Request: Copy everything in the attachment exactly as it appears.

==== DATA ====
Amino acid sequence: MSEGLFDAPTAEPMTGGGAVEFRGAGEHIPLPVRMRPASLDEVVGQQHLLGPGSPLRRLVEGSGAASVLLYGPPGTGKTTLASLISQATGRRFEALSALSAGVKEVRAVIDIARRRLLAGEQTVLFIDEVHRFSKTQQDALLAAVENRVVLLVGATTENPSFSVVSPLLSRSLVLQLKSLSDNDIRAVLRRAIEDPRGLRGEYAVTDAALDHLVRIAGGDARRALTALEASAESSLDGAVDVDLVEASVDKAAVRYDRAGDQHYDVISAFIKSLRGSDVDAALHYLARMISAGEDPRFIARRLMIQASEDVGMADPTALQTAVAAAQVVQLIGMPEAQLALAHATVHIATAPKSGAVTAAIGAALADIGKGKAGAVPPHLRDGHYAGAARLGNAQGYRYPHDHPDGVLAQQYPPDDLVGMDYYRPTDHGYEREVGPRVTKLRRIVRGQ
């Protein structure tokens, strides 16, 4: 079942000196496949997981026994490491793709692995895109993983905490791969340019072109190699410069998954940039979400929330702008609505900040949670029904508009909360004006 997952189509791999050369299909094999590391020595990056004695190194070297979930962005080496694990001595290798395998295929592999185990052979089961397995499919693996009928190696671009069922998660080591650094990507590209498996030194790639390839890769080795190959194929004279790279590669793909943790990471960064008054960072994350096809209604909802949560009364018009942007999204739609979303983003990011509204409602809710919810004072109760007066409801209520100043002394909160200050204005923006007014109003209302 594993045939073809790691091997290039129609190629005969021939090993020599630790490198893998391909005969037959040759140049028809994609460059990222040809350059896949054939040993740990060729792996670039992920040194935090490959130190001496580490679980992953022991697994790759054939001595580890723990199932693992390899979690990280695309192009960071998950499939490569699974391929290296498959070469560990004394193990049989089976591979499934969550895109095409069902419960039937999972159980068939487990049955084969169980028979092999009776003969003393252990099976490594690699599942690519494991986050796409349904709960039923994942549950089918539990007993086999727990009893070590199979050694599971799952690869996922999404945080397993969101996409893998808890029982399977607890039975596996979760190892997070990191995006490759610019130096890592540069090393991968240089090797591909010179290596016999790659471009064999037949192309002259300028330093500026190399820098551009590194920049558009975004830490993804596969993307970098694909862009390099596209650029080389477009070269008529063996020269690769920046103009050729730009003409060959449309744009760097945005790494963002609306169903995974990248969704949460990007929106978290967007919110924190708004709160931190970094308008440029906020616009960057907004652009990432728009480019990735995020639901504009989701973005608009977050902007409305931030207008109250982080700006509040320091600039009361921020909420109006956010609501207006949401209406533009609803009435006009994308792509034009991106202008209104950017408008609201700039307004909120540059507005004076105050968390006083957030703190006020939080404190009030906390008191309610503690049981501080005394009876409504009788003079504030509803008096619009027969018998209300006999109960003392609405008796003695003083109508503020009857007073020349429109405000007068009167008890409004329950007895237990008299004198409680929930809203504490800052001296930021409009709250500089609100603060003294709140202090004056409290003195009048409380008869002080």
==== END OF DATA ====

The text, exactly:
Amino acid sequence: MSEGLFDAPTAEPMTGGGAVEFRGAGEHIPLPVRMRPASLDEVVGQQHLLGPGSPLRRLVEGSGAASVLLYGPPGTGKTTLASLISQATGRRFEALSALSAGVKEVRAVIDIARRRLLAGEQTVLFIDEVHRFSKTQQDALLAAVENRVVLLVGATTENPSFSVVSPLLSRSLVLQLKSLSDNDIRAVLRRAIEDPRGLRGEYAVTDAALDHLVRIAGGDARRALTALEASAESSLDGAVDVDLVEASVDKAAVRYDRAGDQHYDVISAFIKSLRGSDVDAALHYLARMISAGEDPRFIARRLMIQASEDVGMADPTALQTAVAAAQVVQLIGMPEAQLALAHATVHIATAPKSGAVTAAIGAALADIGKGKAGAVPPHLRDGHYAGAARLGNAQGYRYPHDHPDGVLAQQYPPDDLVGMDYYRPTDHGYEREVGPRVTKLRRIVRGQ
């Protein structure tokens, strides 16, 4: 079942000196496949997981026994490491793709692995895109993983905490791969340019072109190699410069998954940039979400929330702008609505900040949670029904508009909360004006 997952189509791999050369299909094999590391020595990056004695190194070297979930962005080496694990001595290798395998295929592999185990052979089961397995499919693996009928190696671009069922998660080591650094990507590209498996030194790639390839890769080795190959194929004279790279590669793909943790990471960064008054960072994350096809209604909802949560009364018009942007999204739609979303983003990011509204409602809710919810004072109760007066409801209520100043002394909160200050204005923006007014109003209302 594993045939073809790691091997290039129609190629005969021939090993020599630790490198893998391909005969037959040759140049028809994609460059990222040809350059896949054939040993740990060729792996670039992920040194935090490959130190001496580490679980992953022991697994790759054939001595580890723990199932693992390899979690990280695309192009960071998950499939490569699974391929290296498959070469560990004394193990049989089976591979499934969550895109095409069902419960039937999972159980068939487990049955084969169980028979092999009776003969003393252990099976490594690699599942690519494991986050796409349904709960039923994942549950089918539990007993086999727990009893070590199979050694599971799952690869996922999404945080397993969101996409893998808890029982399977607890039975596996979760190892997070990191995006490759610019130096890592540069090393991968240089090797591909010179290596016999790659471009064999037949192309002259300028330093500026190399820098551009590194920049558009975004830490993804596969993307970098694909862009390099596209650029080389477009070269008529063996020269690769920046103009050729730009003409060959449309744009760097945005790494963002609306169903995974990248969704949460990007929106978290967007919110924190708004709160931190970094308008440029906020616009960057907004652009990432728009480019990735995020639901504009989701973005608009977050902007409305931030207008109250982080700006509040320091600039009361921020909420109006956010609501207006949401209406533009609803009435006009994308792509034009991106202008209104950017408008609201700039307004909120540059507005004076105050968390006083957030703190006020939080404190009030906390008191309610503690049981501080005394009876409504009788003079504030509803008096619009027969018998209300006999109960003392609405008796003695003083109508503020009857007073020349429109405000007068009167008890409004329950007895237990008299004198409680929930809203504490800052001296930021409009709250500089609100603060003294709140202090004056409290003195009048409380008869002080």